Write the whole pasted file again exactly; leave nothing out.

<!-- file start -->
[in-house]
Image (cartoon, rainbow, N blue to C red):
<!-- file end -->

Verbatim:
[in-house]
Image (cartoon, rainbow, N blue to C red):